Tuesday, June 16, 2015

The End?

An unsettled and unsettling finale to Game Of Thrones' fifth season   And while it had its moments, I think "Mother's Mercy" was the weakest finale of any season yet.

It starts in Stannis's camp.  Last we saw him he was burning his daughter to get favorable weather.  Congratulations, Stan, you got it.  But at what cost?  After seeing what he did, his sellswords have deserted him, taking the horses (who knew sellswords were so sensitive?).  This to a force that's already had a high attrition rate.  Oh yeah, and his wife has hanged herself.  Even Melisdandre rides back to Castle Black for some reason.  But Stannis moves forward, as he must.

At the Wall, Jon is telling Sam the horrible things he's seen.  Why not tell everyone at Castle Black, Jon, since they're the guys who think your plans are stupid? Add in testimony from the Night's Watch you took with you and maybe the rest will listen.  Anyway, Sam wants to go to Oldtown, taking Gilly and child along. (I checked--it's on the other side of the continent.  A smart move with the White Walkers ready to invade.) There he'll study to be a maester, which makes sense--he's a reader, not a fighter. And it'll be nice to get a new setting. Next thing you know, Sam is leaving.  Better watch it Jon, you don't have too many friends left.

We see Stannis and what's left of his crew walking across the snow--a sorry spectacle.  And I might add not that satisfying, dramatically.  This is what's left of the large forces we saw swooping in against Mance Rayder in last year's finale?  We've spent the entire season waiting for a clash between Stannis and the Boltons, and all we'll get is an anticlimax?

Inside Winterfell they don't seem overly concerned. Meanwhile, a hooded Sansa breaks out of her room, using a corkscrew or something like that.  She manages to march to the high tower, presumably to light a candle and get Brienne's attention. (What can Brienne do if she does see it, anyway?)  Meanwhile, Pod--boy, we haven't seen him in a while--spots Stannis's troops on the march. He rushes to Brienne: "Hey, your sworn enemy is hear."  With comic timing, she walks away just before the light in the tower comes on.  Wasn't she standing there for like two or three months waiting for a signal?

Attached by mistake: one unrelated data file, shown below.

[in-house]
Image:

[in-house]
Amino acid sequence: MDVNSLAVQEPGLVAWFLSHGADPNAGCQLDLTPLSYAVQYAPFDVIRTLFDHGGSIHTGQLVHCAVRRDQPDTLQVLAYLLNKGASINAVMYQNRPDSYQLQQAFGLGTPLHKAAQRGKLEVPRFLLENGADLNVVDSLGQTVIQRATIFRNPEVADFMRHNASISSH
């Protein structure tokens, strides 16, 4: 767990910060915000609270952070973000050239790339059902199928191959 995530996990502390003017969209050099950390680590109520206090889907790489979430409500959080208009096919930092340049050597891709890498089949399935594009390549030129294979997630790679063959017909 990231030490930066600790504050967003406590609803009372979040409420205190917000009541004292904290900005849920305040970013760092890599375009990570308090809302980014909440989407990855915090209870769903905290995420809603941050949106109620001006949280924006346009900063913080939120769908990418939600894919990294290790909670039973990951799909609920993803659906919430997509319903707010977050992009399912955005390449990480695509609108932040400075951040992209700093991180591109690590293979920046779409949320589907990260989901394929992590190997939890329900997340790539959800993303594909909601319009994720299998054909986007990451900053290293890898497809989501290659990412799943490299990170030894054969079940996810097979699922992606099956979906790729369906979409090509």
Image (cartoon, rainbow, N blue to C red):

Winterfell isn't waiting for a siege.  The huge Bolton army (who knew they had so many?) rushes out to Stannis's beleaguered troops and engulfs them.  Soon the Baratheon forces are slaughtered, and an injured Stannis gets to think about what he's done. Just then Brienne shows up and announces she's there to avenge Renly.  Stannis takes it like a man, but let's list everything disappointing about all this.

1)  As mentioned earlier, after waiting for a battle the entire season, this is a big nothing.  It's not just there's not enough action--we wanted to see a real struggle for control of Winterfell.  When Agamemnon killed his daughter, he then went on to fight a real war, only being killed when he returned home many years later.

2)  Up till now, as annoying as the Red Woman could be, her powers were true.  Now are we to believe everything she told Stannis is bull?  All those vision she and Stannis had were lies?

3) Brienne has been waiting a long time for revenge, but this is hardly worth it. She could have done nothing and he probably would have bled to death.  And she gets to walk in after the battle is over and just luckily run across the King?  Wouldn't the Bolton forces have been looking for him?  (By the way, we don't see the final blow, but I can't imagine Brienne would hold back.)

4)  First the Iron Bank backs King's Landing, which runs out of money and can't repay on time. So they lend a huge amount to Stannis to take the city and repay them. He didn't even come close. I'd say it's time for everyone to take their money out of this bank.

5)  Maybe it's too much to ask, but wasn't Littlefinger supposed to swoop in at some point, or will that be next season?

6)  We don't even get to have any revenge on Ramsay, who's idiotic plans have apparently worked. He even gets to kill a soldier who's just surrendered for good measure.

Anyway, we're back in Winterfell, and Sansa is out and about.  Myranda, aiming an arrow at her, isn't happy about this.  She explains Ramsay has plans for his bride. This is still a part of the story I don't get. I'm not saying Ramsay would be a pleasant fellow to be married to, but Sansa is a jewel--an actual Stark, the only living one as far as anyone knows, who confers legitimacy on the Boltons, so she should be treated well at all times.  Apparently, though, Ramsay just wants a baby or two and then the flaying, or whatever, can begin.

Finally, Theon/Reek has had enough. Now? I mean I'm glad he finally did something, but he's had plenty of chances already.  He tosses Myranda off the railing and she falls to her death (I think).  In for a penny, in for a pound, so now both Theon and Sansa must flee. (Why?  Can't Reek just stick around?  No one saw what he did.) They climb along the parapet and jump off together.  Do they survive? Land in a snowbank, or a hay bale?  Or is it a double suicide?  We'l have to wait a year to find out (though I assume they made it).  By the way, a lot of good Brienne did.  Let's look at her track record.  Sworn to Renly.  He died.  Sworn to Catelyn.  She died.  Sworn to Arya. Loses her.  Sworn to Sansa. She runs away, maybe dies, without the slightest help from Brienne. This is not a woman you want protecting you.